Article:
In other words, one of the best and safest ways to play the ensuing high growth in the economy will be through the banking and financial services sector. As a thumb rule, the Indian banking sector grows by 2.5-3 times of real GDP and there are banks that grow faster than the sector by gaining market share, higher fee income etc. Going forward, the economy, aided by falling interest rates (interest rates are close to peaking out, if not having already peaked out) and more reforms, should bounce back close to 8% levels over the next couple of years. 

The banking sector should also grow at a rate higher than the broader market and Yes Bank is likely to grow faster than the banking industry growth. It will also be a major beneficiary of falling interest rates owing to its bulk borrowing and high investment in corporate bonds in the form of credit substitutes. 

Good metrics

Post de-regulation of savings rates, the bank has reported robust traction in CASA mobilisation aided by strong growth in savings deposits. The proportion of savings accounts has grown from a minuscule 1.5% of total deposits in FY11 to 10.4% in September 2013. The branch network, which is crucial to grow low-cost CASA deposits, is currently at 500 with plans to increase the number to 600 by end-FY14 and 750 branches by end-FY15. This will also aid in decreasing the dependence on wholesale funding where funding costs are volatile, and will improve valuation.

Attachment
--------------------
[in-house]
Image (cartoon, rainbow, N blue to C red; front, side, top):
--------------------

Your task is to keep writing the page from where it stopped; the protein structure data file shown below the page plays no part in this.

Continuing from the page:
Within the banking sector, Yes Bank is one of the best quality banks with a net interest margin (NIM) of close to 3% and a low cost to income ratio of 36%. It has a high provision coverage ratio of 85% and 1.3% return on assets. And, while the asset quality of many public sector banks and smaller private sector banks has deteriorated in the past few quarters, Yes Bank’s asset quality continues to be robust with next to nothing gross and net non-performing assets of 0.3% and 0.04%, respectively. At 0.29%, restructured assets were lower compared with the banking system, and credit costs are expected to remain within a band of 50-60 basis points. The diverse book with minimal exposure to stressed sectors and the high exposure to credit substitutes that are secured rated papers and mostly liquid, giving the option to exit in case of any stress, have helped contribute to the asset quality.

Yes Bank has consistently earned a high fee income at around 30% of total income, while other income (fee and treasury) continues to be one of the highest for the sector at 40% of total income. A high fee income and other income contributes directly to a higher return on equity, the best indicator of profitability, which at around 23% for Yes Bank is one of the highest for the sector. 

To sum up, with easing liquidity, expansion of bank branches and CASA proportion expected to increase to 25% by end-FY15, Yes Bank is primed for a strong re-rating. With the bottoming out of the economy in FY14, the bank’s PAT should grow close to 25% CAGR over the next three years from FY15, aided by high NIM and other income. With the FY15 P/BV at 1.4 times and the five-year average P/BV at 1.61 times, there is a case for reversion to mean, which will lead to re-rating of the stock. If not now, a couple of years down the line, the bank will be a strong M&A candidate for a foreign bank that is looking to open its account in India.

The writer holds the stock in his personal capacity